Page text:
2009/7/29 Martin Aspeli <optil...@gmail.com>

> 2009/7/29 Jon Stahl <jonst...@gmail.com>:
>
> > So, my question is: what qualifies as "explicit" agreement?  Does it
> > have to be "on the permanent record" in some manner?
>
> In our business, an email that you keep tends to be enough. I would:
>
>  - Ask the relevant people by email
>  - Ask them to reply by email giving explicit consent
>  - Store those emails "forever"
>  - Make a note in a CONTRIBUTORS.txt or similar that these people
> consented on a particular date
>
> If that's ever in dispute, you can go back to those emails.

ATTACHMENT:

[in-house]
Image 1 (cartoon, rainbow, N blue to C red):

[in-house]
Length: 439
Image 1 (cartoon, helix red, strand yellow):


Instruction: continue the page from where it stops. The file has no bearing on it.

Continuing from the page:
>
> I don't see a reason for any kind of "wet signature" so long as
> they've signed the contributor agreement. We're not *trying* to be
> difficult. :)
>

+1. One thing that SFLC taught us is that any lawyer will always advice you
to have their name signed in blood etc, to make *really* sure that nothing
goes wrong. In practice, as long as you can show reasonable intent (and an
email should be plenty, if there's forgery going on, that's a different
issue), so I think this should be good enough. Keeping the dates in a text
file is also convenient.

FWIW, Mozilla runs their entire project without a contributor agreement — so
we are already way ahead of what most large open source projects do on this
front. :)

— Alexander
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